without a similar system in England, passengers and other road users are

:08:58.:09:01.

being put at risk. The Association for police and crime commission is

:09:02.:09:05.

has written again to the transport Secretary, asking him to intervene.

:09:06.:09:09.

-- police and crime commission is. -- commissioners.

:09:10.:09:12.

"Fake news" has hardly been out of the headlines in the last few

:09:13.:09:15.

weeks, and now the creator of the World Wide Web,

:09:16.:09:18.

Sir Tim Berners-Lee, has waded into the debate.

:09:19.:09:20.

In an open letter to mark the web's 28th anniversary,

:09:21.:09:23.

Sir Tim unveiled a plan to tackle data abuse and fake news,

:09:24.:09:26.

and expressed concerns about how the web is being used.

:09:27.:09:29.

Sir Tim said he wanted to start to combat the misuse of personal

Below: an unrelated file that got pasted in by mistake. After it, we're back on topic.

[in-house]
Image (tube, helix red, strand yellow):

:09:30.:09:33.

data, which he said created a "chilling effect on free speech."

:09:34.:09:37.

The singer Joni Sledge who, with her three sisters,

:09:38.:09:40.

had a number of disco hits in the '70s,

:09:41.:09:42.

The band Sister Sledge was formed in 1971

:09:43.:09:49.

with their biggest hit We Are Family hitting the charts

:09:50.:09:51.

Three of the sisters have continued to record music,

:09:52.:09:55.

last performing together in October last year.

:09:56.:09:58.

They had high hopes, but Lincoln City's historic FA Cup

:09:59.:10:01.

The first non-league side to reach the quarterfinals in over a century

:10:02.:10:06.

Almost 9,000 Lincoln fans made the trip to North London

:10:07.:10:10.

and roared their side on till the end, and despite the heavy